Variable speed signs are increasingly deployed on Melbourne’s freeways. Roadside variable speed signs are read very well by some vehicles, while other vehicles are not yet reading them reliably.

The flashing annulus feature on variable speed signs (when speed is lower than normal) is not expected by some vehicles, impacting recognition. In general, overhead variable speed signs, which are an increasingly common format on Melbourne’s freeways, are not yet read reliably by vehicles.

Lane control signs:

Overhead lane control signs (designating a lane open or closed) are increasingly common on Melbourne’s freeways. However, they are not yet recognised and used by vehicles.


It is hoped that these results will help manufacturers and third-party development groups to refine their autonomous technologies, in the lead-up to anticipated legislation that will – at some point – make hands-free driving legal and safe on specified roads, in certain conditions.

Likewise, Eastlink has repainted the line markings on sections of its roads – partly, it says, to improve visibility in all conditions for current-model vehicles using existing ‘level 2’ autonomous systems like lane departure alert and lane-keep assistance.

“With Level 3 hands-off-the-wheel driving on the way, it’s envisaged that freeway operators will need to communicate directly to autonomous vehicles, for example to communicate a change in conditions or operating environment (e.g. emergency incident, congestion event, or lane/tunnel/bridge/freeway closure),” Eastlink says.

Communication technologies are expected to play a crucial role in the safe operation of future semi- and fully-autonomous vehicles, and indeed many groups are now referring to autonomous vehicles more specifically as ‘connected autonomous vehicles’, or CAVs.

The communications technologies needed for this future of autonomous driving are known, depending on the criteria and design, as vehicle-to-vehicle (V2V) and vehicle-to-infrastructure (V2I), or collectively as vehicle-to-everything (V2X).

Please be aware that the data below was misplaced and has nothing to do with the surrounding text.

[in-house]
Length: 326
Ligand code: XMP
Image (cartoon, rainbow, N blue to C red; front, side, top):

The field, as a whole, is generally referred to as ‘intelligent transport systems‘, or ITS.

To accommodate the communications phase of its trials, Eastlink is installing transceivers on three of its tolling gantries. The initial focus will be to confirm that the 5.9GHz band mandated for ITS is compatible with the 5.8GHz dedicated short-range communications band used by tolling tags.

“Next, we will learn about the type of message that should be best communicated by EastLink’s freeway infrastructure to connected vehicles, and the optimum parameters for those infrastructure to vehicle communications,” spokesperson Doug Spencer-Roy said.

“Vehicles with advanced driver-assistance technology are now being released in Australia. Within the next few years, once legislative changes are made, we expect vehicle manufacturers will activate hands-off-the-wheel driving capabilities on EastLink and other suitable freeways. These EastLink trials are producing practical results that will assist with that transition to hands-off-the-wheel driving.”